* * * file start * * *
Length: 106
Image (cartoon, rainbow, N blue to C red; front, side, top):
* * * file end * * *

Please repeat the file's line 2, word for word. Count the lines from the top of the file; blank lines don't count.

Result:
Image (cartoon, rainbow, N blue to C red; front, side, top):